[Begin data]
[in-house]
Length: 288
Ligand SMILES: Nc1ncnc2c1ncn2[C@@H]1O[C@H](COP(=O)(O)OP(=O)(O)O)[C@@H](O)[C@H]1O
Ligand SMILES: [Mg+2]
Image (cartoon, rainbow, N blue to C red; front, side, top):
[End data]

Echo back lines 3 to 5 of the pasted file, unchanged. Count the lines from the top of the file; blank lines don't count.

Ligand SMILES: Nc1ncnc2c1ncn2[C@@H]1O[C@H](COP(=O)(O)OP(=O)(O)O)[C@@H](O)[C@H]1O
Ligand SMILES: [Mg+2]
Image (cartoon, rainbow, N blue to C red; front, side, top):